Foraging in Melbourne
with Raymond Capaldi
To the untrained eye. Melbourne’s nature strips and riverbanks are overgrown with weeds.
But Ray Capaldi sees the lush undergrowth as a delicious source of food. Every day, the Scottish-bred owner/chef at Hare and Grace goes hunting for sorrel, dandelion, berries, thistles, wild mint and more, using the foraged goodies at his Collins St restaurant to add unique flavour and visual interest.
Before you grab a wicker basket and stomp into the undergrowth, there are a few rules to follow. Wannabe foragers should never eat plants unless they are absolutely sure of what they have picked. Raymond also steeps the leaves in a few changes of fresh water, to remove any contaminants. And he steers clear of roads and walkways, along with council land that may have been sprayed with toxic chemicals. Usually, there are warning signs around, but it’s best to call the council and ask.
Another option is to latch onto a weed expert like Doris Pozzi, who runs edible weed walks, talks and workshops around Melbourne and the Yarra Valley. And then check out Raymond’s top five foraging spots in Melbourne. Just make sure you don’t over-pick his stash.
1. Yarra River, between Richmond and Fairfield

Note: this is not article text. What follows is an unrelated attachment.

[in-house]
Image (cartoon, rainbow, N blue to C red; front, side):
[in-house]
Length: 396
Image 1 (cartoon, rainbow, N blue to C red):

Forage the riverbanks for bullrush (the roots are fantastic for cooking) and wild rocket (which has a great sesame flavour).
2. Merri Creek, from North Fitzroy to Northcote
Here I find wild rhubarb, wild radish (the flowers and roots are lovely roasted with fish and meat), milk thistle (use the roots in salads) and common sow thistle (the dried flowers taste great with butter on fish and meat).
3. La Trobe University, Bundoora
Around here I find vanilla lily (not to be confused with the ones in the florist shops, the roots are great), wild fennel (for soups, salads and oil – the stalks are also great for the grill), wild borage (I use the stalks in salads and with fish), pigweed (for salad leaves) and wild river mint (handle with care because the flavour is very strong).
4. North Fitzroy, along the old railway tracks
This area is great for cardoons (I use the stalks in salads), the pink flowered native raspberry (a true raspberry flavour) and wild celery (pick the young leaves).
5. Black Rock and Mornington
I head to these beaches for seaweeds (great with fish), purslane (salads, garnishes), saltbush (tasty with lamb, fish and salads), coast wattle (the seeds are tasty in soups and as a garnish).
For more Top Fives, take a look here.